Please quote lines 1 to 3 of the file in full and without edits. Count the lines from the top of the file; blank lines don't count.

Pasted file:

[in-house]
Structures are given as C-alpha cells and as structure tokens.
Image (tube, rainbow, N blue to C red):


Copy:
[in-house]
Structures are given as C-alpha cells and as structure tokens.
Image (tube, rainbow, N blue to C red):